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Jack Hall said:
I suspect folks have asked this question before, but I have not found this info and would appreciate some help.

I have autocorssed vettes for some time, but now I will be doing a track day next month in my 2002 and would like to know what preparations I need to make.

I am curious if I need to change fluids from factory stuff to a better grade. Specifically, I am interested in transmission fluid, rear end lube and brake fluid.

If anyone can help I will appreciated it.
When and where is this DE? How do you register? Its sepaarate from the Fest so NCM does not handle it. Thanks.
 

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FYI: The new redline tranny fluid works phenomenally well.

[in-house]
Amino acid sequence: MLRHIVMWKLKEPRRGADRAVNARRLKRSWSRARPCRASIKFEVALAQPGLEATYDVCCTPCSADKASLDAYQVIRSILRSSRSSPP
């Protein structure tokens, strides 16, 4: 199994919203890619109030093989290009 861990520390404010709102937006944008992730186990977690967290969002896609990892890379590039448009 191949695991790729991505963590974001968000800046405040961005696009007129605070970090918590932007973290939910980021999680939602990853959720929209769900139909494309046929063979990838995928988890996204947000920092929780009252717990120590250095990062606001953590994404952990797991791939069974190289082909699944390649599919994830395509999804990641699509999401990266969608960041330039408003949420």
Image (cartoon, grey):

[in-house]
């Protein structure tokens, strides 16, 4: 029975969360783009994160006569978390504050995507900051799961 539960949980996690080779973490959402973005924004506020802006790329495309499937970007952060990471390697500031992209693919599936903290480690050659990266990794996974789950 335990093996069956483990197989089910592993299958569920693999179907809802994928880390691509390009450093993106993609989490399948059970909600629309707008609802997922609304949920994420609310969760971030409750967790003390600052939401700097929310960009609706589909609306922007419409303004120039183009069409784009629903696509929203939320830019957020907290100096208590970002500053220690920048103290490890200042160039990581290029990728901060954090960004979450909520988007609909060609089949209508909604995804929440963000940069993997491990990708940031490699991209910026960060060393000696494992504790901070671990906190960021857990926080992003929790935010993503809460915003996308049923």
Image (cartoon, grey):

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I just installed the Amsoil ATF and although the change is very slight, I also think shifting is tad smoother. I probably wouldnt have noticed if I wasnt critically looking though. :p
 

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ScDFACHE said:
FYI: The new redline tranny fluid works phenomenally well.
How do you know?
 

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UstaB-GS549 said:
Front rotors from NAPA would be good to carry along. Check your rotors every time after they have cooled down.
Don't forget the NAPA rears. I've had rears crack, never fronts.

Cobalt Brake Pads = PM me if you need some, I've got extras). Good brake fluid a must.

If you get further into it - SS front caliper pistons, DRM ducts, oil and tranny coolers.

Brakes and heat management are overall keys. These babies will run hot, and brakes are always an issue for a car over 2750 lbs or so.